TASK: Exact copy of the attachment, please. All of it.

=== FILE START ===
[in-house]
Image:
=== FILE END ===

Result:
[in-house]
Image: